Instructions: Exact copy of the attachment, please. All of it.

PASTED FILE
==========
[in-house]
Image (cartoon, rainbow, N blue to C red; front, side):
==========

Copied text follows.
[in-house]
Image (cartoon, rainbow, N blue to C red; front, side):